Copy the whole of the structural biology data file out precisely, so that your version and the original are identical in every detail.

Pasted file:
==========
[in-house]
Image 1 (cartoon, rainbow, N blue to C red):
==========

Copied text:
[in-house]
Image 1 (cartoon, rainbow, N blue to C red):